cation date. The issue was also de-
layed because of the local printer's
labor shortage.
Making its first appearance will be
a contest on the solving of a prob-
lem of ethics. A five dollar prize will
be given to the engineer submitting
the best answer to a special commit-c
tee on ethics chairmaned by Prof.:
Donald L. Katz. Deadline for submis-i
sion of entries is Dec. 3 at the Technic
Feature articles by four eminent
Michigan engineers, undergraduates
and alumni, will be included along
with the regular sections, "Technic
R'eflects, Explores and Presents."E
Authorbiographies will be included. t
The lead article of this issue is
Blaine Newman's "Polaroid." Other
articles are "Acid Control of Oil
Flow" by John G. Strandt, '31E; "Co-t
operation-Production-Aircraft" by
Jack T. Gray, '39E, and "Theory off
Limit Design" by Robert Hay, '43E.

To date, the Manpower Corps has
over 1,00 members. "We're out to
double that figure," head-man Mary
Borman announced last night.
The staff men of each dormitory
have been contacted, he said, and they
will cooperate with us to register the
dormitory men.
Fraternity men who have already
beenacontacted should report to the
Manpower offices in Angell Hall and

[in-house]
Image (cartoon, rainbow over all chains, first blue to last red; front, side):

get registration cards.
The freshman engineering assem-
bly will also cooperate by registering
"We have to expand to tackle the
jobs being demanded of us," Borman
said yesterday, "and with a war to
win it's the job of every student on
campus to register for at least a few
hours each week.
"Most of the students will eventu-
ally serve in the armed forces but it
is still their patriotic duty to help out
whenever and wherever they are
needed. The Manpower Corps needs
more help and our goal is to register
every male student on campus even-
Holiday Buying
Causes Acute
Food .Shortages
WASHINGTON, Nov. 24.- ()-
Temporary food shortages were de-
veloping in some sections of the coun-
try as consumers, enjoying a record
volume of purchasing power, rushed
to none-too-heavily stocked grocery
stores to buy supplies for bountiful
Thanksgiving Day dinners.
Shortages were showing up in
meats, poultry and dairy products-
items most in demand for military.
and lend-lease food programs.
Agriculture department officials
said the demand for food this week
was reaching unprecedented propor-
tions. In addition to the heavy re-
quirements of the goverment to meet
war needs, there was a record demand
from civilians. Some of this civilian
demand was said to reflect fears of
future food shortages.
Because of the high level of indus-
trial and agriculture employment,
more families than ever before were
said by the officials to be financially
able-and willing-to spread the tra-
ditional American-style turkey din-
ner, with trimmings rich in butter,
milk, cream and eggs.
"We're faced with a situation," one
official explained, "in which there is